Saturday, April 08, 2006

Life as a Revolution

In this series of Saturday-Posts, we are exploring what living a life founded in Christ and the Church as a Steward in a certain place looks like. Last week, we engaged the reality that as followers of Christ, our lives need to be centered on Him and lived out in a community of faith (we’ll delve deeper into the importance of place next week). Today, we will explore what life as a Steward should look like on a general level, mainly because there is too much to say once we begin to drill into specifics. Though we will examine an overview, I hope that readers will be encouraged to consider these thoughts and how these ideas apply to their own understanding of living as a follower of Christ.

Founded in Christ and the Church as a Steward

Typically, when someone speaks or hears the word “steward” a limited understanding comes with it, and people think mainly of money and the environment. In other words, a person simply considers the need to steward his dollars and a responsibility to care for Creation. And, if that person simply tithes and recycles, then, generally, most would qualify that person as a “good steward.”

This is how most of us operate, and I submit that this understanding of stewardship is limited and narrow. Stewardship does not begin or end in one realm of a person’s life, rather it is a way of life. We, as God’s people, are Stewards and Caretakers (Genesis 2:15), and our life of Stewardship begins and ends in Christ, as was outlined last week. This is the role that the Father has given us, and in living out this role we reflect our King’s glory to the world. Because Stewardship implies responsibility most people these days get suspicious because it endangers their ability to live for themselves. But, we, as Image-bearers of our King, must take seriously our call to live as Stewards of all that He gives us. In doing so, we have an opportunity to reveal our King to a world that needs to know Him.

Granted, “all that He gives us” is a very expansive phrase, and it is so for a reason. Because, if we believe that God does give us everything we have—gifts of time, money, life, opportunity, skills, talents, relationships, body, minds, work, etc.—then we must be Stewards of all that He places in our lives. And, we quickly realize that in order to really live well as Stewards, it must be our way of life, and not some neat term confined to one aspect of our lives.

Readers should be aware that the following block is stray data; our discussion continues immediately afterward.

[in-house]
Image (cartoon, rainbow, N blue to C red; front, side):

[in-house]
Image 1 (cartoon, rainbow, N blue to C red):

There is danger in limiting stewardship to certain realms of our lives because it subtly teaches us that we are the creators and owners of all other aspects of our lives, and we tend toward self-sufficiency once again (which should probably be acknowledged as a continual struggle for any human). We simply hate to give up control of the steering wheel. Furthermore, it is dangerous to limit our definition of stewardship because we, in turn, reduce our opportunities to reveal the love of Christ, and Restoration is stunted. (It’s worth noting, as we did last week, that our participation in Redemption is a wonderful gift in and of itself, and we should receive it in humility not as a means to our own salvation)

So, what does all of this really mean? What does it look like to allow our role as Stewards to shape the way we live? Well, it means a lot of things, and I will avoid looking at certain examples because I do not want to tempt people into thinking that there is some hierarchy of stewardship by only focusing attention on a few aspects of life. Instead, I want us to talk and think and pray about what a life as a Steward looks like. But, in general, it means understanding and believing that God give us resources in time, relationships, opportunities, money, mind, body, truth, work, education, etc. And, we, as Stewards, are to care for those resources in a way that glorifies the Father, honors and loves our neighbor, and strategically uses them toward the effort of Redemption. We should look to multiply and pass what we have along to others, not out selfishness or negligence, but out of a need to share the real Hope of the Kingdom. As we do so, we bring glory to the King in only a way that a expanded understaning of stewardship can. So, consider what your definition of Stewardship is and what you typically apply it to, and ask God to expand it to include all areas of your life and everything in it. Ask God to shape you, and enable you to steward what you have been given well.

Finally, as we learn about Stewardship we must remember that it is a holistic response to our King’s love for us, His people, and His desire to use us in the restoration of Creation. It is not an effort toward salvation. If we have a mature understanding of the Sacrifice Christ made for us, we should not be able to restrain ourselves—we should find the reality of His deep love for us as a magnificent motivator to live everyday as a caretaker of all he has given us. This way of life should begin and end in our King. Remember, we bear our Father’s Image—let us bear it well, that the King might be glorified.

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